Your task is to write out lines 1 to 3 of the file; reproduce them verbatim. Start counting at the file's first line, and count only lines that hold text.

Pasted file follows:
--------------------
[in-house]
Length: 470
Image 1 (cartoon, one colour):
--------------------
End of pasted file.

[in-house]
Length: 470
Image 1 (cartoon, one colour):